Ian Rankin

A Question of Blood

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A Question of Blood Summary

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The 14th in Scottish author Ian Rankin’s “Inspector Rebus” series of crime thriller novels, A Question of Blood (2003) follows maverick Edinburgh detective John Rebus as he is called in to investigate what appears to be a school shooting. Although under investigation for murder himself, Rebus unravels a plot involving British Special Forces, Irish paramilitaries, and a drug-smuggling operation. The novel was well-received, although some reviewers felt it to be “a notch below quintessential Rankin” (Kirkus Reviews).

The novel opens in the aftermath of an apparently motiveless shooting at an elite private school in South Queensferry, some ten miles outside Edinburgh. Two students are dead, a third has been injured, and the gunman, Lee Herdman, is dead, apparently by his own hand. The facts of the case appear straightforward: the only questions that remain are the gunman’s motive and where he got the weapon. The local investigator, Bobby Hogan, learns that Lee Herdman had been in the Special Air Service (SAS), an elite special forces unit, so he asks for the assistance of D.I. John Rebus, a former Army man.

However, Rebus is about to be suspended from all duties, pending an investigation. He is suspected of murdering an Edinburgh lowlife named Martin Fairstone, who died in a fire only a few hours after he had been seen drinking with Rebus in a local pub. Fairstone had a long history of harassing both Rebus and his close colleague, D.S. Siobhan Clarke. To make matters worse, on the night of Fairstone’s death, Rebus was hospitalized with badly burned hands.

Rebus insists that he hurt his hands in a too-hot bath, and until his suspension comes down, he is permitted to join Hogan’s investigation, although he needs Siobhan to drive him around, since his hands hurt too much to handle a steering wheel.

Unbeknown to Rebus’s superiors, there is another reason why he shouldn’t be involved in investigating the shooting: one of the victims is a relative of his, the son of his cousin Allan. He is duty-bound to report this and recuse himself from the investigation, but he doesn’t.

As Hogan’s team talks Rebus through their version of events, he spots a major hole in it. If Herdman were deranged and killing at random, why did he walk past a playground full of children to shoot these three victims? Rebus’s suspicion that something deeper is going on is confirmed when he learns that the SAS have sent two specialist investigators to look into the shooting.

Rebus visits the surviving student, James Bell, at home. Bell’s father is an ambitious Member of the Scottish Parliament (MSP), Jack Bell, who has been using his son’s experience to make political capital. He has also taken the opportunity to attack the police for failing to protect children. However, Rebus knows that his motives for this are less than noble: Jack was recently caught in the company of a prostitute by a police sweep, and although he managed to escape charges by claiming that he was doing “research,” he blames the police for leaking the story to the tabloid press. While interviewing James, Rebus manages to antagonize his father.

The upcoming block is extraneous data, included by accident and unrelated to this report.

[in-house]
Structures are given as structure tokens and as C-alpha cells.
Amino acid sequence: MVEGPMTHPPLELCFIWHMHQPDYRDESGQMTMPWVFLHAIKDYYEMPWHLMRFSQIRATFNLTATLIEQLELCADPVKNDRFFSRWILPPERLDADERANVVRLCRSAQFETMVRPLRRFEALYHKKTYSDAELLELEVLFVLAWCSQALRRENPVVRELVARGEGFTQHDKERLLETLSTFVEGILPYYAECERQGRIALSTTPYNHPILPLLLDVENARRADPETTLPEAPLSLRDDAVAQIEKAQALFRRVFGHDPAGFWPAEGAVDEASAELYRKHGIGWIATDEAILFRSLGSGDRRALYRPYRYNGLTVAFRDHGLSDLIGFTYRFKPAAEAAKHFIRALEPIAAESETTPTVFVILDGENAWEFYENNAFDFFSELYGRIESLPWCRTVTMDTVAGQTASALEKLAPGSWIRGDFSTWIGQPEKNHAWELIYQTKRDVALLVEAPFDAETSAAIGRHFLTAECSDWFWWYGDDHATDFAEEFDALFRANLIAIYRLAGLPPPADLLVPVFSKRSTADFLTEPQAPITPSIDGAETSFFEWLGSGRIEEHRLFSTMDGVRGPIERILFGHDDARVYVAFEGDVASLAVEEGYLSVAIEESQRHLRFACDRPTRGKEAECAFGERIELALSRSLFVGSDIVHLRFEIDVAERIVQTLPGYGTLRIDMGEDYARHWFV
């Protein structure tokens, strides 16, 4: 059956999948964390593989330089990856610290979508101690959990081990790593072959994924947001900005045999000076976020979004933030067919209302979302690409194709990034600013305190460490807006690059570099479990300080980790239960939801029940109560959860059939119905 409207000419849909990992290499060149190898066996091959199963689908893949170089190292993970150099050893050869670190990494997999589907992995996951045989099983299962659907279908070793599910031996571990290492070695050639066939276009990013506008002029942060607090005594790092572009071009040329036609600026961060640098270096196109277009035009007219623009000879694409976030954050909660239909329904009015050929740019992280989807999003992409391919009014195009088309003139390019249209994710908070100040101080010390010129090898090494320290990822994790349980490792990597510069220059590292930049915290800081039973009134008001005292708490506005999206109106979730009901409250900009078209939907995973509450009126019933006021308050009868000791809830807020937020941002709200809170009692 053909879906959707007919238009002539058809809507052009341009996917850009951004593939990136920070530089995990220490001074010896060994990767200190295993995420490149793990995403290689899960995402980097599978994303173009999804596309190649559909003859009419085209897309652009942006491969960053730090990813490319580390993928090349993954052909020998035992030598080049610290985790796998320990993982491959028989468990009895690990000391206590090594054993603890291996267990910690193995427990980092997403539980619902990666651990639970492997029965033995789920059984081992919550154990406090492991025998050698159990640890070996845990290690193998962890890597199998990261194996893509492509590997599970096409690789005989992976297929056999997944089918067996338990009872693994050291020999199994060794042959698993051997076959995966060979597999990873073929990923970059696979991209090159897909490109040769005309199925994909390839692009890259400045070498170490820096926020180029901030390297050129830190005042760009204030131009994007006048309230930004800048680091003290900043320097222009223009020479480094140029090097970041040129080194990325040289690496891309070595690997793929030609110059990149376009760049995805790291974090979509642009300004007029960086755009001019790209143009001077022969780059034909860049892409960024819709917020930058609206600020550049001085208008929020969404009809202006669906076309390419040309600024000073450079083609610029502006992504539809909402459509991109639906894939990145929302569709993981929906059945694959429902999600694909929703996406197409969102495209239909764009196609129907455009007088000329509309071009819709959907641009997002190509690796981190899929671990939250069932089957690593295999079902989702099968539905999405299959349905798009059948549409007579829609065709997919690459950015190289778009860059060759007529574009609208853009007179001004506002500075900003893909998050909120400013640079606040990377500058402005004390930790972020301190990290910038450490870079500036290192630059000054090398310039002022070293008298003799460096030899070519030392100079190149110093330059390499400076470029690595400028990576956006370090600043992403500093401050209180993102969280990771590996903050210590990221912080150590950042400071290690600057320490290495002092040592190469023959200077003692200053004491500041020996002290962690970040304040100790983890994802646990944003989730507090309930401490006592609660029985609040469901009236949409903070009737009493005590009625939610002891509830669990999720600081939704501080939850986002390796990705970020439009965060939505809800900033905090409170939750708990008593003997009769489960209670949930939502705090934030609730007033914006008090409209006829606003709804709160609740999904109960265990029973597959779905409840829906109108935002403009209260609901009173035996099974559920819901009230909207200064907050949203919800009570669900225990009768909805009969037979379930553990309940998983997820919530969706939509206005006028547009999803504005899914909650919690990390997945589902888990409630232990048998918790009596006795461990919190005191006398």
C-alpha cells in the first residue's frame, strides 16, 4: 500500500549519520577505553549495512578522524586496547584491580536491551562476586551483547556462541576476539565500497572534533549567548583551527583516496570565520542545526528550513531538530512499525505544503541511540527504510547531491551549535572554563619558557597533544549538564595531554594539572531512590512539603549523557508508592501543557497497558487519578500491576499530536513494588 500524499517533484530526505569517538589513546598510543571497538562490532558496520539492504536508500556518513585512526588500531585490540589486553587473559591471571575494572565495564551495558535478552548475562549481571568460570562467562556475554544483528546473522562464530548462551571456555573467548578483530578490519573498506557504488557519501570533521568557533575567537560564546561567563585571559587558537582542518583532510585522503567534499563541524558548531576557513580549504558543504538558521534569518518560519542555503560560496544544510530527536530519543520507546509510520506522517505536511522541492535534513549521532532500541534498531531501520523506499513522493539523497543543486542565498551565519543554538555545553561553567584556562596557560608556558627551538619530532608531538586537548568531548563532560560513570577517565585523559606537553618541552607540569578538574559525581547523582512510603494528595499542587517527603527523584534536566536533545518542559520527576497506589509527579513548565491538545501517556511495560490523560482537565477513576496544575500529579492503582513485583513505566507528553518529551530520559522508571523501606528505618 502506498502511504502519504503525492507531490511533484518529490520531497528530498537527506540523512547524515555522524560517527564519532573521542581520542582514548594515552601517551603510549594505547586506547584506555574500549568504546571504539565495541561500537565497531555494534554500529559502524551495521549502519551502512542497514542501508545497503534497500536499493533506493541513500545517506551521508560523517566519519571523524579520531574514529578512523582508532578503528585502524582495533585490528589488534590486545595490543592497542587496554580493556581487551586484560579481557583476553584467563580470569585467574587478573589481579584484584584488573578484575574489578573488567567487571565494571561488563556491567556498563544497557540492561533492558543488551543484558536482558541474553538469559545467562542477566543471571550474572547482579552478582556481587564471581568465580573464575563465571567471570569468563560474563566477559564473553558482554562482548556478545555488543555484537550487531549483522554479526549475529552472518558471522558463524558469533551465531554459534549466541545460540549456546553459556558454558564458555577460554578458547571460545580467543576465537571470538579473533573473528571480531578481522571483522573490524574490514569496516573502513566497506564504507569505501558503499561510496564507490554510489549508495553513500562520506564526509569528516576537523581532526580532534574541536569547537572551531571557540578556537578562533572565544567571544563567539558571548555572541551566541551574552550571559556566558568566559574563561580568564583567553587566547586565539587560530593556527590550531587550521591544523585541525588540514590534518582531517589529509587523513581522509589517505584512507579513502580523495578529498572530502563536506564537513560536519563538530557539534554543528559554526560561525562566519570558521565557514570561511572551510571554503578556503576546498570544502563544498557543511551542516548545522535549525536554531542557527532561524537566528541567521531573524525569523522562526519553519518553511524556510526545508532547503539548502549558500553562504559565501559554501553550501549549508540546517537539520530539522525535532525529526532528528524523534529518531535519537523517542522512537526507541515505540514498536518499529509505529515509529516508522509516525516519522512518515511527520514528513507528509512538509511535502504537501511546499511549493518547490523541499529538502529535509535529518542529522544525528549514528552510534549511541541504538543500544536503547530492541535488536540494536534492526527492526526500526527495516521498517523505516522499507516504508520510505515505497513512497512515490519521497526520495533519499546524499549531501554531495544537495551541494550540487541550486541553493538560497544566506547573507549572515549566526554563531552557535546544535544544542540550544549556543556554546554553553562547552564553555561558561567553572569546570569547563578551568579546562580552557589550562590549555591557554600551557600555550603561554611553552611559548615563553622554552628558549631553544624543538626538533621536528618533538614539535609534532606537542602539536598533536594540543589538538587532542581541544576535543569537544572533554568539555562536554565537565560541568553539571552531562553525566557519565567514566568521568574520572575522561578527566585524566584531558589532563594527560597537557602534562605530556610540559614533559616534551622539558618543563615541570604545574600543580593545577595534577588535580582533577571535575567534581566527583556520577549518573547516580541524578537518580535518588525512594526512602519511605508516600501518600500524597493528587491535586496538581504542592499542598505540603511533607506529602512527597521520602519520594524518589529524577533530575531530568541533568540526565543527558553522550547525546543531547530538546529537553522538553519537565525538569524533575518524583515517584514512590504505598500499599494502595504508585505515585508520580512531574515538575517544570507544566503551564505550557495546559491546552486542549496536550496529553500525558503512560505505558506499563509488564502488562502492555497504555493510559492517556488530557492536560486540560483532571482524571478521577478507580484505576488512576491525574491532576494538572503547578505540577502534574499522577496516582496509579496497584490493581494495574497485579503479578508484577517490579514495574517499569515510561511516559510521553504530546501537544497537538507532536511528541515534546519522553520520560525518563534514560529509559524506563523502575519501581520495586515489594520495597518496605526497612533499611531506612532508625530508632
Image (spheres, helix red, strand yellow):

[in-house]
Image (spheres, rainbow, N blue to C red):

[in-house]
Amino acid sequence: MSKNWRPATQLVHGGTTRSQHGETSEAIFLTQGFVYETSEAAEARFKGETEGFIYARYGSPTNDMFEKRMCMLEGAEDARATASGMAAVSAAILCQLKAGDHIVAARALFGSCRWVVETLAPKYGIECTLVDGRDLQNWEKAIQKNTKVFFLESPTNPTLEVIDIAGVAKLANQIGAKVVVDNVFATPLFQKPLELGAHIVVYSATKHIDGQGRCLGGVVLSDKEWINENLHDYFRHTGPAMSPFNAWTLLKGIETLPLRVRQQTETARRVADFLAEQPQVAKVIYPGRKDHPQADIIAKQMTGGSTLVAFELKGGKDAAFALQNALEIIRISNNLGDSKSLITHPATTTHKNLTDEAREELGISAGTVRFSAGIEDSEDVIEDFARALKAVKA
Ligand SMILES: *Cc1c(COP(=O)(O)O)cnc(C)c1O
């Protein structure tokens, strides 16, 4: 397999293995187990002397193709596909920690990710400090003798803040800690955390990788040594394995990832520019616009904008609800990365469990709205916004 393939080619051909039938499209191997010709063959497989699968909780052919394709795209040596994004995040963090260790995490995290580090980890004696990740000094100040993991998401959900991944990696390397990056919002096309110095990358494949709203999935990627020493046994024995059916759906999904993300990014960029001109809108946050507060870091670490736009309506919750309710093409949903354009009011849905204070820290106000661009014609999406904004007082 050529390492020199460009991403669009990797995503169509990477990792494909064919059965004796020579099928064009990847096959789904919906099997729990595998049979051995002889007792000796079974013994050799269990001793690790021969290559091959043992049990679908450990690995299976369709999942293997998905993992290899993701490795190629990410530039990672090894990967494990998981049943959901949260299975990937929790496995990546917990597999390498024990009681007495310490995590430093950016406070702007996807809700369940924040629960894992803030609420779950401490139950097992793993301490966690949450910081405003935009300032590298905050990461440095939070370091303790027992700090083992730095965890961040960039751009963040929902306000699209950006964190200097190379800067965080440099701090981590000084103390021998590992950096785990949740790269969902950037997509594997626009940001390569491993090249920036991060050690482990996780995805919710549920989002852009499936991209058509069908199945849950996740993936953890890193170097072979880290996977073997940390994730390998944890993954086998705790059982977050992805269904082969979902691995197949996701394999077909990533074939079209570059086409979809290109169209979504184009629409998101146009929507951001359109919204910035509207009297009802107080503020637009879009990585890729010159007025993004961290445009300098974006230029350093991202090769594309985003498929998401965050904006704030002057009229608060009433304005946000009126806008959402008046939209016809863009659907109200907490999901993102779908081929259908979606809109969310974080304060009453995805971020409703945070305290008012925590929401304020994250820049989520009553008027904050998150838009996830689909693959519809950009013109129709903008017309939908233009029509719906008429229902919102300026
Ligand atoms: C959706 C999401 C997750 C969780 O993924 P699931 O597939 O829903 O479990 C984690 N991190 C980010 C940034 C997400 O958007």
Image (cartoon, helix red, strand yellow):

Rebus also speaks to his long-lost cousin Allan, whose daughter has been drawn into MSP Jack Bell’s anti-police campaign. Throughout his investigation, Rebus is shadowed by the SAS’s investigators, whom Rebus suspects of covering up evidence, and perhaps planting it too.

A lead comes when he meets “Myss Teri” Cotter, a local teenager at the heart of the local Goth subculture—which in turn has close links to the local trade in ecstasy and other drugs. Through these teenage dealers, Rebus and Clarke trace the gun used by Herdman to a local gangster. They also discover a cache of drugs on a boat Herdman owned.

Their investigation is interrupted when Rebus is officially suspended for the murder of Martin Fairstone. The Edinburgh forensic pathologist Dr. Curt unofficially gives Rebus some information about Fairstone’s death, which enables Rebus to guess that Fairstone’s murder may have been linked to the same drug organization he has tied to the school shooting. He and Clarke continue their investigation, now hoping to clear Rebus as well as solving the school-shooting case.

Drawing on his army contacts and experience, Rebus discovers that the SAS investigators are concerned about Herdman’s death due to his involvement in the crash of a military helicopter on the Scottish island of Jura many years earlier. They trace a network of unofficial dealings with Irish paramilitaries across the water and surmise that these dealings never ended.

Forensic evidence from the scene of the school shooting confirms Rebus’s theory that James Bell is lying. Rebus forces Bell to confess that he killed the two students himself, in an attempt to disgrace his father, MSP Jack Bell.

Rebus and Clarke unravel the entire network of the drugs trade in the area, including smuggling to and from Ireland, and money laundering to disguise the income. They track down the gangster who supplied James Bell with the gun, and Clarke runs down the head of the smuggling operation, who attacks her and escapes, only to crash the light aircraft he has been using to smuggle drugs.

Rebus, witnessing the crash, is distraught, believing that Clarke is on board. Drinking heavily, he recalls the night he scalded his hands, and we learn that it happened during a drinking blackout. He promises himself to try to repair some of his relationships.

Meanwhile, the MSP Jack Bell hires a lawyer, and together they plot to undo the police’s case against James Bell on the grounds that Rebus should not have been involved in it.